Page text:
Something that Charles Murray's 2003 book Human Accomplishment made clear was that most of the world's major civilizations outside of Europe were in cultural stasis or decline by 1500, before the arrival of Europeans. If you ask Chinese, Indian, or Arab scholars to list the most important scientists and artists in their history, their lists start to peter out over the last millennium. This is rather like how the ancient Classical world's accomplishments start to slow down after the peak in the 400s BC. The New World's accomplishments seem to have peaked with the Mayans, who invented writing, but then started to lose it.
As a conservative, I have to be admit that these trends tend to be due to conservatism: reverence for past accomplishments and satisfaction with the current life start to undermine the hunger for new achievements. (The Ancient Egyptians were the first to illustrate this tendency, making rapid progress about five millennia ago, then being mostly content to maintain their high relative level of civilization for thousands of years until Alexander's conquest.)
The main exception to this pattern of stasis outside of Europe was Japan. In 1601, Japan began a policy of isolationism, which lasted for 250 years. During this period, Japanese cultural accomplishments continued steadily. To take one example, the tracking of sports statistics, a minor but telling aspect of modernity, seems to go back to late 18th Century sumo wrestling. Similarly, the most famous Japanese picture in the world today, Hokusai's The Great Wave off Kanagawa, is from around 1830. So, Japan was continuing what looks like steady progress in a world in which backsliding was the norm. Thus, when the West rudely intruded in 1853, Japan was able to modernize itself with remarkable speed, avoiding Western conquest until the development of the atomic bomb.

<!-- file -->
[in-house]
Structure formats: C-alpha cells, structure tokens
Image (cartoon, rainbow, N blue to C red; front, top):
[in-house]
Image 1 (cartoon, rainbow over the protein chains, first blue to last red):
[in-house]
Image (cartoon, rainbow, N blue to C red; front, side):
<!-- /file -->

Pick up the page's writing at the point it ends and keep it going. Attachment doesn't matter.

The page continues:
Japan in 1601-1852, however, was not taking off, accelerating, the way Europe did, with Britain increasingly in the lead, especially with the Industrial Revolution. Japan was much farther behind the West in 1852 than in 1601.
Interestingly, Japan's geographical position off the coast of East Asia is rather similar to the British Isles' favorable position off the coast of Western Europe. If we assume the English (like their offspring in the New World) benefited enormously from the island privilege, what Shakespeare hailed as:
This fortress built by Nature for herself Against infection and the hand of warJapan, then, was the most likely place outside Europe for the right combination to come together for humanity to break free from the Malthusian Trap.
So, without the West, would Japan have yet achieved science and the Industrial Revolution?